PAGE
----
• Location: Brooklyn
  • Favorite foods: salt, ditalini, broth, sausage, squid, basil, fresh tomatoes, extra virgin olive oil, shitake mushrooms, asparagus, peas, white beans, eggs
  • Last bite on earth: crispy, piping hot, extra salty, salted squid with 2 sliced hot pepper rings from Hop Kee - 21 Mott Street, NYC

Latest Comments

16 Great Ways to Eat Squid and Octopus in NYC

salted squid with hot peppers at Hop Kee

polpi in purgatorio at Peasant

Win Pop Chart Lab's Plethora of Pasta Permutations Poster

glorious soup thimbles
for fingers short and teeny
my all-time favorite: ditalini

Cook the Book: 'Franny's'

penne with fresh peeled tomatoes, garlic, butter, and basil

Pasta alla Carbonara

in my experience, you need a 1:1 ratio of pasta to pork. 2:1 will be pretty dry.

the glory of carbonara is the wild frenzy at the end...

I take the eggs, separate their yolks, and slide them into a solo cup as the pasta is cooking.

Once the pasta is just al dente, drain it quickly and toss it briefly in the pork pan over high heat. Then separate the pasta into serving bowls, sliding one yolk on top of each plate and instructing your guests to stir vigorously. Shower with black pepper.

Nicoletta: What Michael White is Really After

Yeah, believe me incurring a defensive Kenji post is the last thing I was going for here. I tell most people I SPEAK TO about SE and specifically about Food Lab.

Dustin R. articulated it much better than I did - maybe when I said "dubious ethics" I was taking all of this way too seriously, so to speak.

As for sellouts, I see what you're saying on perfection vs. having a real life, but there's a balance. You CAN have it both ways. Maybe it won't be quite as immediate or lucrative as your former Wall St. COO-adviser wants it, but I'm pretty sure Michael White wasn't a starving artist before Nicoletta opened.

Nicoletta: What Michael White is Really After

I KNOW you guys won't like this, but I'm going to say it: you're on dubious ethical ground here. You clearly have a relationship with Chef White, and although it sounds way more credible to have reached the conclusion you did, it still reads a little slimy.

After visiting Nicoletta myself, my thoughts were very similar to what Pete Wells wrote in the NYT. Whether it's intentional or not (and it sounds like it is), the blatant aspirations for franchising combined with the less-than-brilliant food left a really bad taste in my mouth.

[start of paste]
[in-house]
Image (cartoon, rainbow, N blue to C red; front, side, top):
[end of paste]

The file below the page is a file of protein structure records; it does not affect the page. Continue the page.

I would love to hear SE's thoughts on why things like this bother people (like me). I know others have the same feelings. If the quality doesn't go down, what's wrong with being enterprising, right? Thing is...the quality almost always goes down. I think we hunger for the organic deterioration of places like Di Fara, Don Peppe, Hop Kee, etc. When a beloved person or business sells out, it's always a tough pill for the early adopters to swallow.

The Less Than Favorable New York Times Review of Nicoletta

the review was SPOT ON. i wrote a significantly less eloquent version on Yelp a few weeks ago with the same themes. the most distressing aspect of Nicoletta is not the pizza - which is tasty and fine - it's everything before the pizza, starting with the restaurant's conception. this place has nothing to do with giving people a pleasurable food experience and everything to do with taking people's money.

What to make with escarole?

1) rigatoni, cannellini beans, and crumbled pork/chicken sausage
2) sauteed with bread crumbs, grated cheese, and garlic
3) sauteed in the juices of a roast w/ garlic and then nestled underneath a chunk of that roast when served...SO GOOD

and ALWAYS use red chili flakes with escarole.

Videos: 'Eat It, Don't Tweet It' by American Hipster + Key of Awesome

guilty as charged @BitchinFixins, on both counts. the song is awesome, the video is cool, and the message is pretty clear. i'd be pretty surprised if anyone "missed the point."

Grilling: Chicken Under a Brick with Lemon, Garlic, and Rosemary

brilliant...i go in with ground up fennel seeds, chili flakes, super coarse salt, black peppercorns, parsley, chervil, rosemary, sugar, garlic + 2 lemon wedges in each breast.

10 minutes dying high heat skin down uncovered (and now, insert brick)
30 minutes medium heat skin up covered

we call this "tailgate chicken"

Cook the Book: Molto Batali

holiday dinner with best friends from middle school

Cook the Book: 'The Food52 Cookbook'

holy trinity chili, that's the holy trinity of meat: beef, pork, italian sausage